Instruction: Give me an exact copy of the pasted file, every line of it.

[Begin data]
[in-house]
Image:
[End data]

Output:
[in-house]
Image: